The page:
69. I'd heard such good things about this book that I picked it up. My initial impression was that the writing was pretty juvenile (it wasn't until some time later, after seeing it shelved with the middle grade books at Barnes and Nobles, that I realized it really was targeted at middle grade readers). However, that wasn't a problem for long--it didn't take much for me to get engrossed in the story, which follows the League of Princes Charming: Frederick, Liam, Gustav, and Duncan. All four are nameless princes in their respective fairytale (Cinderella, Sleeping Beauty, Rapunzel, and Snow White), and all are finding their post-fame life somewhat lacking. Frederick just wants to find Cinderella, who's run off because life with Frederick (more comfortable with court etiquette than actual adventure) is frankly boring; Liam wants to reclaim his people's affection after he dumps Sleeping Beauty; Gustav just wants to succeed at something, and Duncan--well, Duncan is definitely the oddball of the bunch and mostly he's just lost. But he does want to find actual friends.
It's hard to describe the plot, since it's pretty madcap and involves, among other things, a wicked witch, a Truly Wicked Plot, a boy robber king, a gentle giant, a dragon, trolls, handsome princess, selfish princesses, and much more. But the plotting was deftly done and the novel was very, very funny.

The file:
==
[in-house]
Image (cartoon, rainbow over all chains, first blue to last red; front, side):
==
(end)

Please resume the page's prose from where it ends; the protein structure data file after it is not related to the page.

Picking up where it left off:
To give just one example: At the end of one chapter, the narrator tells us about the princess happily heading off to accomplish some task, and then comments that they would not have been so happy if they knew the title of the next chapter. Turning the page, you discover that the next chapter is appropriately titled "Prince Charming is Doomed."
I think most children--and plenty of adults--would be charmed by this story of the not-always-so-charming Princes Charming.